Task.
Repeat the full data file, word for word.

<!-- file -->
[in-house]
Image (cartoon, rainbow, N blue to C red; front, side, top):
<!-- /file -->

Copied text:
[in-house]
Image (cartoon, rainbow, N blue to C red; front, side, top):